3. Try to understand what the error wants to tell you. Think of the developer who wrote the framework, lib, programming language, etc. and ask yourself what was on his mind. They try to help you (us)
  4. If you did not understand the error you probably don’t have enough knowledge about the tool you are working with:
    1. Improve your knowledge on that field where the error happend and get to understand why it happend and what it exactly means (then go to step 1)
      That’s the point of time where you start to improve dramatically as a developer!
    2. If you are too lazy and just want to get thing done. Google it
      That’s the point of time where you should ask yourself if programming is really the right job for you!

You will notice how happy you will be about error message in the future. You’ll start hoping for error messages popping up and get the feeling how to write your own meaningful errors.

First Jelly in Bangkok

As I am currently chilling (and working) in Bangkok I have decided to bring the Jelly into that great metropolis.

Jelly is a semi-weekly work-together, and you’re invited!

The first session two weeks ago was definitely a successful event. Locals and expats were joining and sharing all kind of stories. Apart from development talk the probably hottest topic was SEO.

Wanna join our next Jelly too?
Bring your notebook and some work ;)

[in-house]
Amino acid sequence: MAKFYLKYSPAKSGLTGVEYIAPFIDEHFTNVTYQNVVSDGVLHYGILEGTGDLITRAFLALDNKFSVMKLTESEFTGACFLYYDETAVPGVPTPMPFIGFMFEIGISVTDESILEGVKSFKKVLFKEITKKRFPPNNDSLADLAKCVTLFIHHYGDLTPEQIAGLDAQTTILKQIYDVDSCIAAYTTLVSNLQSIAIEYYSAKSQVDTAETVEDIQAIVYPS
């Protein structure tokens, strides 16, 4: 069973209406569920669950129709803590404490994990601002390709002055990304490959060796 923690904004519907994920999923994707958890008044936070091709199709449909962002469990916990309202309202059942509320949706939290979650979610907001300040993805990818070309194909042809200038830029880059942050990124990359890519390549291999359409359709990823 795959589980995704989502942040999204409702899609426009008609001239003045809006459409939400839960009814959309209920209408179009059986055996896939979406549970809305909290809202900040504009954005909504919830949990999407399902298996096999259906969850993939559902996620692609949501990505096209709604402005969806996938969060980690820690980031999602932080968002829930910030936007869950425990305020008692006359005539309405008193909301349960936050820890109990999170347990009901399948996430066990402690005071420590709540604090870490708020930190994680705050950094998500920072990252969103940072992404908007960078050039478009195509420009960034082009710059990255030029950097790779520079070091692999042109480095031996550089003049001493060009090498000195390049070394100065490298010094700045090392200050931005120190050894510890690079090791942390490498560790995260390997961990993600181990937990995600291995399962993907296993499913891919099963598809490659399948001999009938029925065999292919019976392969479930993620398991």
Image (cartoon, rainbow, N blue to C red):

Jelly in Bangkok, Thailand

Thanks everybody for coming! Here are some pics.
Continue reading

Ruby Development Toolkit for Eclipse IDE | RDT

I’ve been looking into Ruby and Rails recently since I deployed Redmine at my company to support our software development projects. For those who don’t know Redmine, this is a great piece of open-source software, offering a complete web collaborative solution for project management including source control, wiki, issues tracking, ldap authentication…

Today, I just found out there is a Ruby Development Toolkit (RDT) plugin for my favourite IDE… Eclipse! Sweet! The toolkit is downloadable via Eclipse Software Update, the remote site URL is:

Features supported are syntax highlighting, on the fly syntax check, graphical outline, Test::Unit view/runner, Ruby application launching, content assist, source formatter, Ruby debugging, Type Hierarchy view, Ruby specific Search, Refactoring, and much, much more…

How to render HTML in

Update: see latest article Publishing Flex applications to Google Code SVN repository

If you are hosting or contributing to an open-source project on using SVN as source control, there is small trick to render .html source files as HTML and not raw text (default). Make sure you set the following SVN property for each file: svn:mime-type "text/html". I find this quite useful for showing examples or demos (using it for Flash/Flex).

Style binding support for custom Flex components

I’ve been developing a lot of custom Flex components recently using Degrafa, and too many times got frustrated at the fact that Flex only supports inline binding for CSS style attributes. Besides that, the only way to listen to style changes is to override:


I was finally happy to find out that Josh already shared a nice Proxy implementation that allows me to automatically bind style attributes to degrafa properties/styles. Makes my code more readable and maintainable. Thanks Josh!

Update: I posted a small example here and the source code can be download from there.